"Engineer and producer Geoffrey Terry has captured Jiří Waldhans at his most colorfully magnanimous, a real cornucopia of sound." [Rating ★★★★]
-Gary Lemco, Audiophile Audition, 26th October 2009

American Record Guide
"The great historical recording of this work [Dvořák] is Talich's from the early 50s. This is as good a performance, and the sound [...] is far superior to the Talich. It has a lightness and clarity that is amazing for its age ... [This disc] is worth buying for both the Dvořák and the Novák."
-Carl Bauman, American Record Guide , July/August 2010
Customer reviews
"These must be the best sounding recordings ever made in this acoustically troubled venue. Everything is bright, clear and rich, and the performances are outstanding. The Dvořák grips from the very opening and has now become my favorite version of the work [...] Highly recommended."
-Don Hansen, San Francisco on the BBC Music Magazine forum, 13th January 2010

"I've listened now twice to the Dvorak 9th on my main hi-fi system, and am pleased to count it as my favourite performance - direct, no putting an `interpretation' on the music, just presenting it as is. Thank you for preserving it, and now presenting it."
-Peter Stanger, conductor and pianist, private correspondence, April 2010
International Record Review
"[Jan Novák's] music has hints of Martinů, but also has real character of its own, and the work is well played here: I know of no other recording of it, and lovers of Czech music should try to hear it."
"...the live sound is excellent..."
-International Record Review, April 2009
"...the Philharmonic Dances are a fine example of [Jan Novák's] work, very well played here. Novák is still badly underrepresented on CD and I am not aware of any other recording of the Philharmonic Dances, so this is all the more welcome ... Again, the live sound is excellent, and this disc is particularly worth seeking out for the Novák."
-Nigel Simeone, International Record Review, June 2012
La Scena Musicale Online
"[Dvořák's 9th Symphony] Why am I listening to a 43-year-old live performance of a symphony I've heard more often than Happy Birthday? Because the Brno Philharmonic in 1966 are a real Czech orchestra, unlike the modern soundalikes, and the conductor Jiří Waldhans is unafraid to let his brass let rip in organic style. This may not be everyone's glass of Pilsner, but I found it marvellously refreshing."
-Norman Lebrecht, La Scena Musicale Online, 19th August 2009

MusicWeb International
"This [Novák] is music of welcome vitality and uninhibited brio."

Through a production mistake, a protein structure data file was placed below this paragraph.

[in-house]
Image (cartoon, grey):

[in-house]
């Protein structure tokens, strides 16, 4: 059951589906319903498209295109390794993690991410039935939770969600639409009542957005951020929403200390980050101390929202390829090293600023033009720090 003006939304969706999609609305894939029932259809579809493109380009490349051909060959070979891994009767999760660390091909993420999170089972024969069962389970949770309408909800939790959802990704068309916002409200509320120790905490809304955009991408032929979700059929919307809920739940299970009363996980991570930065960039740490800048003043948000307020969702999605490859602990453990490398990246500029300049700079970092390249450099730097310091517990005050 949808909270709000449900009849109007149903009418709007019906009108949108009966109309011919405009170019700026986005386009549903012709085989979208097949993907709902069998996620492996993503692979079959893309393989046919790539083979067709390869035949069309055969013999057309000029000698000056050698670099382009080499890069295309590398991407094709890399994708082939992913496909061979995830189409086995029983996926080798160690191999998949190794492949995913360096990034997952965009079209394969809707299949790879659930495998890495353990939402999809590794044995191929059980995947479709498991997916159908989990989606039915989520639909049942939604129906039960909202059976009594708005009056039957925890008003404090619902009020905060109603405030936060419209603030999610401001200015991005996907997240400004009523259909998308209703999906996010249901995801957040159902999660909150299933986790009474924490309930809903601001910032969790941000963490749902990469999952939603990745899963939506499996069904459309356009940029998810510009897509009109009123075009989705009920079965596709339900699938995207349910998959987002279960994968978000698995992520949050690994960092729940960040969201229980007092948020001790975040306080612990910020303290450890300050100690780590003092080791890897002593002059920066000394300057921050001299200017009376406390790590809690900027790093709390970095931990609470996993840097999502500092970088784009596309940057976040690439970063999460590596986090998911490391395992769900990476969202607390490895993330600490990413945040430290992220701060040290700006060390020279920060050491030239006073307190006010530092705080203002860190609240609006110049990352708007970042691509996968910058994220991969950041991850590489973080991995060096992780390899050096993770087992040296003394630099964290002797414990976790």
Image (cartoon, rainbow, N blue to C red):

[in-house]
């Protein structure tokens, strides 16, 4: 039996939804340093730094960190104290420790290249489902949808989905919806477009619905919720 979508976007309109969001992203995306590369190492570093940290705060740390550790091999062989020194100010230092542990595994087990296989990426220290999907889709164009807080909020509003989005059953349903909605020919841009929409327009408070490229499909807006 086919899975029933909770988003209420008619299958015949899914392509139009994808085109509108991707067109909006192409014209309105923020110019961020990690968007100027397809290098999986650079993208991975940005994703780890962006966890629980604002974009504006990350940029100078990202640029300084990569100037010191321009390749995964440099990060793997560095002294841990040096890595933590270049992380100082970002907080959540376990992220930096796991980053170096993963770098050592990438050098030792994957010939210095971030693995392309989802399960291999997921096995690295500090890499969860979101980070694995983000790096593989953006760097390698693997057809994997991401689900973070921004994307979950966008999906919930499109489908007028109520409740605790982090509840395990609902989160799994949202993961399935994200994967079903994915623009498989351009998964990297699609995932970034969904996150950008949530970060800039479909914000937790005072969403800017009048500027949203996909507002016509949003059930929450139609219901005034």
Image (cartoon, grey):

"The recording quality is certainly first class and has real clarity and natural balance."
-Jonathan Woolf, MusicWeb International, April 2010
"I played Terry's recording of the [Novák] work repeatedly when the CD arrived-it's so full of life, one can't tire of it."
-Martin Anderson (proprietor, Toccata Classics), Fanfare 33:5, May/June 2010

Brno Philharmonic Orchestra Dvorak / Jan Novak / Delius

Posted on 5 Oct 2014 23:12:16 BDT
Hello Andrew (and Geoffrey)

You might enjoy the Andris Nelsons Blu-Ray with the Bavarian Radio Symphony Orchestra Titled "From The New World" You can hear the performance at 48 kHz Sampling instead of 44.1 and a 24 Bit Word Length Instead of 16 Bit - Major Sonic Improvements! More importantly, you can also see how much Nelsons enjoys conducting "Aus Der Neuen Welt" - He doesn't just Conduct the Music, he Lives It! The other Pieces on the BD are semi-interesting listen-once stuff.

Andris Nelsons was recently appointed Music Director of the Boston Symphony, and there is a delightful Blu-Ray (BD) titled "Tanglewood 75th Anniversary Concert" which is exceptionally well recorded: It includes Anne-Sophie Mutter ("Onnuh-Zophie Mooter") playing Pablo de Sarasate's Carmen Fantasy with the Student Orchestra, with Andris Nelsons at the helm. It'll knock your socks off! There is also a terrific Copland "Fanfare", and some Berstein Dances from "On The Town" all done by the Boston Pops (Best Big Band In The Land!) The BSO itself does a delightful Beethoven "Choral Fantasia" with Peter Serkin on Piano, and a 167 Voice Chorus. The genial Conductor, whose name escapes me, is a Graduate of The Tanglewood Conducting School. Highly Recommended!
Best Wishes.

In reply to an earlier post on 11 May 2015 20:26:20 BDT
Say what you will, I am STILL buying the Andris Nelsons recording, having today heard it played.
It moved me beyond description. I have several recordings of the 9th, none of which come any where near what I heard earlier.
Regards, Linda.